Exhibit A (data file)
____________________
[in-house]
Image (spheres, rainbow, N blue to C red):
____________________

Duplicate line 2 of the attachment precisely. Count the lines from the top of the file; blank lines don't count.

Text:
Image (spheres, rainbow, N blue to C red):